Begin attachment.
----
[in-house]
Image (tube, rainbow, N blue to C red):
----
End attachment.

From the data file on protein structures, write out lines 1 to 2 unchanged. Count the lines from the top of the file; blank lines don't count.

[in-house]
Image (tube, rainbow, N blue to C red):